- Repeat the process for each new third party. The above practices should be adopted each time you enter into a relationship with a new supplier, vendor, service provider, or contractor. Constant vigilance will ensure third parties receive only the level of network and data access they need to conduct business with you.
What are the challenges of third-party risk management?
Most organizations have little idea of the risks that third-party relationships expose them to. The reasons include the following:
- Complex vendor networks. Modern businesses work with hundreds of vendors, suppliers, and service providers, each of which outsources and subcontracts to its own network of third parties. Risks can arise anywhere in this web at any time. Most organizations don’t have enough detailed visibility into the entire structure of relationships to understand and manage their risks.
- Manual processes. Organizations often use spreadsheets, questionnaires, and other manual processes to manage third-party risk. An inefficient approach can increase the time it takes to find and mitigate issues.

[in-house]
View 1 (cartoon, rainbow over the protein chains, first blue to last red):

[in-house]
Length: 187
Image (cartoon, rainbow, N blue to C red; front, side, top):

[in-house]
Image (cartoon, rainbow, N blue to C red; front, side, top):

[Read also: 5 steps to a rock-solid incident response plan
- Lack of scalability. Manual processes are prohibitively difficult to extend as third-party networks grow, which can create additional risks.
- Organizational silos. Divisions among company departments, functions, and business units can make it difficult to gather comprehensive risk information across the organization.
- Greater regulatory pressure. Many federal and state regulations require that risk-management policies extend to an organization’s third-party business partners. However, these entities lie outside an organization’s direct control, making implementation challenging.
What is the third-party risk-management life cycle?
Companies take a series of steps in a third-party relationship, ranging from the inception of a contract to its termination. No definitive map of the life cycle exists, and each organization’s process will vary. But the life cycle can be broadly divided into three stages of risk that need to be managed:
- Pre-contract stage. Before entering into a contract with a third party, the organization assesses the third party’s risk, determines the sensitive information it needs to access, and learns whether the other company will subcontract any of the services it provides.
- Contract stage. The organization outlines any risks the two parties will assume and how they will collectively mitigate risk, along with other terms of the partnership.
- Post-contract stage. Ongoing management of the third-party relationship happens through monitoring, reporting, and reviews. Offboarding procedures also take effect when the relationship is terminated.